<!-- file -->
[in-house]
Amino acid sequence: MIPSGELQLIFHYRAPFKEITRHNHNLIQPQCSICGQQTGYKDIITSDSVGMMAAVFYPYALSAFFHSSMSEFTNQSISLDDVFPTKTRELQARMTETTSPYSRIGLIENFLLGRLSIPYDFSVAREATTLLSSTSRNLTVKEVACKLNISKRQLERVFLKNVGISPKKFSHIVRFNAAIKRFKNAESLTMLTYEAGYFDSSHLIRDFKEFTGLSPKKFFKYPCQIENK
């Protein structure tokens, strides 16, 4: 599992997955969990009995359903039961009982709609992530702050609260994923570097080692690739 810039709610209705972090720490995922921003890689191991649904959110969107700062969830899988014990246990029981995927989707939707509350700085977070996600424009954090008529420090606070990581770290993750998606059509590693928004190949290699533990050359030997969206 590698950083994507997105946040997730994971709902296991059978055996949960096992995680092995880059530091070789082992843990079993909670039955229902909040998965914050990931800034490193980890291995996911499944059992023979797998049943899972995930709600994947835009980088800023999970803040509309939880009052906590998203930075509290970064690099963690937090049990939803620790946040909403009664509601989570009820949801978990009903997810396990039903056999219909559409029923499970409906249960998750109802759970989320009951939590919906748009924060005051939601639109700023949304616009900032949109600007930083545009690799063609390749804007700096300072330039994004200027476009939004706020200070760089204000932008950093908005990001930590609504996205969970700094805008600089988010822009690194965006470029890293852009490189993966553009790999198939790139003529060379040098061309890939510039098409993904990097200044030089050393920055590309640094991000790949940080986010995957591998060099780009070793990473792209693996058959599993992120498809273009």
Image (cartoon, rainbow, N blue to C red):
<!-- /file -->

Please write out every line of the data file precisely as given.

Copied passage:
[in-house]
Amino acid sequence: MIPSGELQLIFHYRAPFKEITRHNHNLIQPQCSICGQQTGYKDIITSDSVGMMAAVFYPYALSAFFHSSMSEFTNQSISLDDVFPTKTRELQARMTETTSPYSRIGLIENFLLGRLSIPYDFSVAREATTLLSSTSRNLTVKEVACKLNISKRQLERVFLKNVGISPKKFSHIVRFNAAIKRFKNAESLTMLTYEAGYFDSSHLIRDFKEFTGLSPKKFFKYPCQIENK
């Protein structure tokens, strides 16, 4: 599992997955969990009995359903039961009982709609992530702050609260994923570097080692690739 810039709610209705972090720490995922921003890689191991649904959110969107700062969830899988014990246990029981995927989707939707509350700085977070996600424009954090008529420090606070990581770290993750998606059509590693928004190949290699533990050359030997969206 590698950083994507997105946040997730994971709902296991059978055996949960096992995680092995880059530091070789082992843990079993909670039955229902909040998965914050990931800034490193980890291995996911499944059992023979797998049943899972995930709600994947835009980088800023999970803040509309939880009052906590998203930075509290970064690099963690937090049990939803620790946040909403009664509601989570009820949801978990009903997810396990039903056999219909559409029923499970409906249960998750109802759970989320009951939590919906748009924060005051939601639109700023949304616009900032949109600007930083545009690799063609390749804007700096300072330039994004200027476009939004706020200070760089204000932008950093908005990001930590609504996205969970700094805008600089988010822009690194965006470029890293852009490189993966553009790999198939790139003529060379040098061309890939510039098409993904990097200044030089050393920055590309640094991000790949940080986010995957591998060099780009070793990473792209693996058959599993992120498809273009």
Image (cartoon, rainbow, N blue to C red):